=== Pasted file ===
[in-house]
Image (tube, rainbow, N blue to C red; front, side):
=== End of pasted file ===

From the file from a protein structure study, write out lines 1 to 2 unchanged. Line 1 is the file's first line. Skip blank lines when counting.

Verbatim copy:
[in-house]
Image (tube, rainbow, N blue to C red; front, side):